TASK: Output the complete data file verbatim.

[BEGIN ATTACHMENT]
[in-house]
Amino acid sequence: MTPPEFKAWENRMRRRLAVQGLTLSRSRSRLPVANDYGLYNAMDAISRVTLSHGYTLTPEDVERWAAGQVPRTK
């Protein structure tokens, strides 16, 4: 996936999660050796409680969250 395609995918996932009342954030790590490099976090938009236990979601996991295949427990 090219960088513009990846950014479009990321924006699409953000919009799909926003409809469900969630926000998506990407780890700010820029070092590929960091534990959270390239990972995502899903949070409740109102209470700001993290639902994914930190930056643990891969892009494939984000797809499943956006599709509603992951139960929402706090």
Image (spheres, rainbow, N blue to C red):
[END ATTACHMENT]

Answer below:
[in-house]
Amino acid sequence: MTPPEFKAWENRMRRRLAVQGLTLSRSRSRLPVANDYGLYNAMDAISRVTLSHGYTLTPEDVERWAAGQVPRTK
């Protein structure tokens, strides 16, 4: 996936999660050796409680969250 395609995918996932009342954030790590490099976090938009236990979601996991295949427990 090219960088513009990846950014479009990321924006699409953000919009799909926003409809469900969630926000998506990407780890700010820029070092590929960091534990959270390239990972995502899903949070409740109102209470700001993290639902994914930190930056643990891969892009494939984000797809499943956006599709509603992951139960929402706090």
Image (spheres, rainbow, N blue to C red):